Sri Perialvar, Srivilliputhur
Next friday is the appearance day of the alvar Sri Vishnu Cittar, also popularly known as Sri Perialvar (which means “Great Alvar”). Sri Vishnu Cittar was born in the south Indian temple town of Srivilliputhur to a devout Sri Vaishnava couple Sri Mukunda Bhattar, and Srimati Padmavalli. They named their son “Vishnu Cittar” or “One whose mind dwells on Vishnu.”
True to his name, the male child of the couple grew up to be a devotee of Lord Vishnu. Eschewing the paths of speculative knowledge and fruitive works, Sri Vishnu Cittar dedicated himself to service of the deity of the Lord in the main temple of Srivilliputhur- Sri Vatapatrasayee (“Lord who reclines on a Banyan leaf” referring to Lord Krsna’s pastime with Sage Markandeya in the 12th canto of Srimad Bhagavatham). Sri Vishnu Cittar collected the best flowers from his garden, strung garlands, and offered these with utmost devotion to the Lord, who accepts His devotees offerings with love.
Sri Vatapatrasayee Perumal, Srivilliputhur
The ruling king of the land, a devotee of Lord Vishnu desired to know the ultimate meaning of the Vedas, and so inquired about this from his ministers. The king ordered that a bag of gold coins be tied to the ceiling of the assembly hall where the scholars were brought to debate the answer to his query, decreeing that when the true meaning was spoken, the bag of coins would fall, and would be the reward for the speaker of the vedic conclusion.
That night, Lord Krsna appeared in a dream to Sri Vishnu Cittar, saying that He was immensely pleased with his service of flower garlands. He desired that Sri Vishnu Cittar travel to the king’s court and speak about the truth of the Vedic scriptures. Sri Vishnu Cittar replied that he had no skills for doing so, being uneducated in these matters. The Lord exhorted him to go, speak boldly, and claim his reward. The Lord also appeared the same night to the king’s chief minister, urging him to bring Sri Vishnu Cittar to the royal assembly hall.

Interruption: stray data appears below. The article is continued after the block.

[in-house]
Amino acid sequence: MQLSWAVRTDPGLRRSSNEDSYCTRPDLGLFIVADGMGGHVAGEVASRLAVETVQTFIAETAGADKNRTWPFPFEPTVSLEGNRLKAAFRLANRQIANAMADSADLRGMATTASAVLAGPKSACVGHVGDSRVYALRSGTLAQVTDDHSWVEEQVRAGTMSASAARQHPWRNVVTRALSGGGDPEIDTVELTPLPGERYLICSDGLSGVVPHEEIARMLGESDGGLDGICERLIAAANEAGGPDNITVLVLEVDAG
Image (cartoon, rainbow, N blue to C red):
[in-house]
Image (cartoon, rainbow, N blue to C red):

When Sri Vishnu Cittar arrived in court, the minister mocked him, suspecting it was his greed that made him appear there, despite his well-known lack of scholarship. Sri Vishnu Cittar offered prayer to the Lord, and began speaking about how Lord Vishnu, the consort of the Goddess of Fortune was the means and the ultimate goal, and shelter of all living entities. As the words flowed from his mouth, the king and his ministers were amazed at Sri Vishnu Cittar’s eloquence. The bag of gold coins fell, showering the assembly hall with gold coins, as Sri Vishnu Cittar showered his humble praises on the Supreme Lord.
With deep reverence for Sri Vishnu Cittar, the king seated him on a royal elephant, and processed him through the streets of the capital city of Madurai, so all the citizens could see the one who had resolved the king’s vedic query. At this time, the Supreme Lord Vishnu along with His consorts Sri and Bhu devis appeared in the sky to Sri Vishnu Cittar, and all the residents of the city. Sri Vishnu Cittar, moved by the Lord’s appearance, grabbed the bells on the elephant, and using them as cymbals, sang the famous Pallaandu song, sung daily in south Indian Vaishnava shrines following completion of deity worship. Pallaandu means “many years,” and Sri Vishnu Cittar was blessing the Lord, with strong shoulders that defeated Kamsa’s wrestlers to live many hundreds of thousands of years, for His name, fame, qualities, pastimes, and associates were all eternally praiseworthy. It was after this public display of the Lord’s mercy on Sri Vishnu Cittar that he was given the name “Perialvar” or the “Great alvar” since he showered benedictions in return on the Lord who had first blessed him..
Sri Andal & Her father, Sri Perialvar standing on either side of the Lord in Srivilliputhur
Sri Vishnu Cittar continued his humble service to the Lord in Srivilliputhur. Later, the Goddess of Fortune appeared as his daughter, Sri Godadevi, also known as Sri Andal- the only female alvar. (Sri Andal’s marriage to Lord Ranganatha is mentioned by Srila Prabhupada in his purport to Madhya CC 9. 79)